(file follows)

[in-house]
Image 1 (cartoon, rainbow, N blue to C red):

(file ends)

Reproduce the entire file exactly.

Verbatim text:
[in-house]
Image 1 (cartoon, rainbow, N blue to C red):